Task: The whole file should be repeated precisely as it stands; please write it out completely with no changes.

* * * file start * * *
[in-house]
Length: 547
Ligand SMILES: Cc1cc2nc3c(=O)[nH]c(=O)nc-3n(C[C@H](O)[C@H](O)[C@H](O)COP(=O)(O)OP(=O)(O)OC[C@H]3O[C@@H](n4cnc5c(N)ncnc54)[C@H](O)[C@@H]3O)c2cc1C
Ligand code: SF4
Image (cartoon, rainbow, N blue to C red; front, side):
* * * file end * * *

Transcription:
[in-house]
Length: 547
Ligand SMILES: Cc1cc2nc3c(=O)[nH]c(=O)nc-3n(C[C@H](O)[C@H](O)[C@H](O)COP(=O)(O)OP(=O)(O)OC[C@H]3O[C@@H](n4cnc5c(N)ncnc54)[C@H](O)[C@@H]3O)c2cc1C
Ligand code: SF4
Image (cartoon, rainbow, N blue to C red; front, side):